Coming of Age.
Life Go to the mall, the grocery store, or just stand on a busy street corner and look around at the people swirling about you. Are you younger than most of them? Perhaps you fit comfortably in the middle? Or do you notice that it is only the ones who look as if they might be collecting a pension that appear older?
2014 is the year I started to feel old. This came as a bit of shock, because as much as I flatter myself that I am a self-aware and a discerning observer of life around me, I swallowed more than a few glasses of youth culture kool-aid over the years.
Combine the decades-long bombardment of media messages exhorting us all to buy this cream, eat this super-food, join this gym program and follow these Six Steps to A Better You with the underlying premise that with enough money and effort you can reverse time, and you get a seriously messed-up culture.
Age is just a number.
You are only as old as you feel.
The afternoon knows what the morning never suspected.
Only the sentence by Robert Frost is correct.
I and just about everyone else of my generation grew up in expectation. Life was ahead. It was going to happen. Out there. When. When we finished school. When we moved into our own apartment. When we got that job. When we met the right someone. And it was all going to be champagne wishes and caviar dreams minus the braying Robin Leach soundtrack.
Our whole lives have been aspirational. Nations’ economies depend on it.
My parents’ generation grew up in the still lingering shadows of the Depression and World War II rations. They strove to contribute to rebuilding a better world. They still wanted the house and the car and the summer vacations. But they talked about being comfortable. They could see how their lives were easier and more secure than their parents’ and that was success.
My generation grew up with the message that it was all waiting for us Out There and television showed us just how much Out There existed in the world. Greedy doesn't begin to describe the rapacious insatiable appetite for the good life we all came to expect as our due.
We had a road map too. Hard work, good looks, and a winning personality and the world would fall at our feet.
Hard work was a matter of will. Good looks used to be a roll of genetic dice but by the end of the Seventies you could buy a new face for not much more than the cost of a car.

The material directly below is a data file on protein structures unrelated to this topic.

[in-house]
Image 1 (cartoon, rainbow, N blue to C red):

The winning personality depended on what collection of self-help aphorisms was hogging the best-seller list. It started with I’m OK-You’re OK which propelled us down the path to magical thinking and all its other delusional siblings. It was quickly followed by The Seven Habits of Highly Effective People which promised to teach us how to win at life while at the same time reducing it to a series of lists. Lists are great. Lists are manageable. Lists have no time for ambiguous, or intangible, nuanced messiness of living. Lists reduce everything into easy bite-sized Happy Meals. (The internet loves lists—but that’s another issue.) We kept chasing after the mirage of more, because to settle for less is to fail.
And so we continued living life as possibility. It can all happen. Still. Until the day it can’t. We wake up and suddenly, with even the most basic grasp of mathematics we know there is more behind us than in front of us and what lies ahead looks grim no matter how fat the wallet.
It happens in small increments, mistakes, accidents. The first bumps are the sort of hip check that takes you away from childhood dreams of professional sport or celebrity. You shrug it off as silliness and set you sights on a new passion. The thing is time is against us. We all know this and I have yet to meet anyone who accepts it on a personal level.
Live each day as if it were your last.
That’s crazy talk.
If I did that, right now I’d be on a beach in Hawaii (it’s December and I hate the cold) with a plane ticket to Europe in my purse and nothing in the bank.
We are all going to die. It’s the when and how that eludes us.
I have been told I can expect to live longer than previous generations did. I am not guaranteed that the quality of those days will be any better. Already, if I make a list of all the people I have known, the list of the quick is smaller than that of the dead. I am at the age where I understand why my grandparents spent so much time discussing the past—it’s where they did their best living.
What nobody told me about aging is that the outward signs are nothing compared to the interior collapse and decay and that it begins long before the end. Bones, muscles, sinews, synapses, hormones—it all starts to break down; if I was a car I’d be trading myself in.
This is where, if this were a magazine piece, I’d be expected to impart a piece of warm hopeful wisdom. The wonderful thing I’ve learned this year.
I’m still in the middle of this. More people have left my life than entered it this year, so I can tell you to cultivate young friends. I’m not being flippant.
Most of my friends used to be older than me, because they were more interesting. They had seen and done things, while my peers were as clueless about life as I was. Most of them are gone. I am cultivating younger friends because now they are the more interesting.
I can also tell you that anyone who says that they have no regrets in life is either trying to sell you something, or is too stupid to know better. I regret plenty of things, and most of them are things I didn't do. What I regret is of no use to anyone but me, with perhaps one exception- I regret any time I had a chance to be kind and didn't take it. Except with politicians. And bankers. And bureaucrats. Oh hell.
You can follow @asta on Twitter here. Kitchen Bits is her Tumblr.